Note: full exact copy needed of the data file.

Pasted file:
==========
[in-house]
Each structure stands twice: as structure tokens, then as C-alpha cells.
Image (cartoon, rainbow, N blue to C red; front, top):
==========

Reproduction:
[in-house]
Each structure stands twice: as structure tokens, then as C-alpha cells.
Image (cartoon, rainbow, N blue to C red; front, top):